Hello Wormhole Explained

In Part 1 (HelloWormhole), we wrote a fully functioning cross-chain application that allows users to request, from one contract, that a GreetingReceived event to be emitted from one of the other contracts on a different chain.

To do this, we made use of the Wormhole Relayer contract (full interface, implementation).

Specifically we used the following functions:

    function sendPayloadToEvm(
        uint16 targetChain,
        address targetAddress,
        bytes memory payload,
        uint256 receiverValue,
        uint256 gasLimit
    ) external payable returns (uint64 sequence);

    function quoteEVMDeliveryPrice(
        uint16 targetChain,
        uint256 receiverValue,
        uint256 gasLimit
    ) external view returns (uint256 nativePriceQuote, uint256);

This Wormhole Relayer contract is deployed on both Mainnet and Testnets.


  • Chain ID 4: BSC Testnet 0x80aC94316391752A193C1c47E27D382b507c93F3

  • Chain ID 5: Polygon Testnet 0x0591C25ebd0580E0d4F27A82Fc2e24E7489CB5e0

  • Chain ID 6: Avalanche Testnet (Fuji) 0xA3cF45939bD6260bcFe3D66bc73d60f19e49a8BB

  • Chain ID 14: Celo Testnet: 0x306B68267Deb7c5DfCDa3619E22E9Ca39C374f84

  • Chain ID 16: Moonbeam Testnet 0x0591C25ebd0580E0d4F27A82Fc2e24E7489CB5e0


For all Mainnet deployments, the contract has the same address: 0x27428DD2d3DD32A4D7f7C497eAaa23130d894911

It is currently deployed to:

  • Chain ID 2: Ethereum

  • Chain ID 4: Binance Smart Chain

  • Chain ID 5: Polygon

  • Chain ID 6: Avalanche

  • Chain ID 10: Fantom

  • Chain ID 13: Klaytn

  • Chain ID 14: Celo

  • Chain ID 16: Moonbeam

  • Chain ID 23: Arbitrum

  • Chain ID 24: Optimism

Note: the targetChain input should be the number in front of your desired chain; e.g. 2 for Ethereum, 4 for Binance Smart Chain, 6 for Avalanche, etc...

So for any of these chains, the sendPayloadToEvm of the deployed contract may be called.

Note: The method sendPayloadToEvm must be called with a specific msg.value, specifically (uint256 requiredMsgValue,) = quoteEVMDeliveryPrice(targetChain, receiverValue, gasLimit)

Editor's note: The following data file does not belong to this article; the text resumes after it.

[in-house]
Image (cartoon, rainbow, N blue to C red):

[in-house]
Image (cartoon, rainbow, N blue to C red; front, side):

Calling this function will result in the receiveWormholeMessages endpoint on address ‘targetAddress’ on chain ‘targetChain’ to be invoked with a gas limit of ‘gasLimit’ and msg.value of ‘receiverValue’, and with the payload parameter being ‘payload’.

How does the Wormhole Relayer contract cause a function call on a different blockchain?

Step 1

The Wormhole Relayer contract publishes the Delivery Instructions and pays the Delivery Provider

The method sendPayloadToEvm works by publishing a wormhole message (simply an event containing bytes) with instructions for how to perform the delivery: the target chain, target address, receiver value, gas limit, payload, and any other necessary information

sendPayloadToEvm also then pays a delivery provider it's msg.value.

Delivery Providers are permissionless entities that help power the Wormhole Relayer network. If left unspecified, your delivery request will be assigned to the default delivery provider. Each delivery provider is allowed to set it's own pricing for relaying to a specific chain with a specific receiverValue and gasLimit.

The full Wormhole Relayer interface provides endpoints where you can specify the delivery provider you wish to use

In our scenario,

  • a user of HelloWormhole calls ‘sendCrossChainGreeting’,

  • which calls the Wormhole Relayer contract’s ‘sendPayloadToEvm’,

  • which publishes the delivery instructions to the blockchain logs and pays the default delivery provider

Step 2

The Guardians create a signed VAA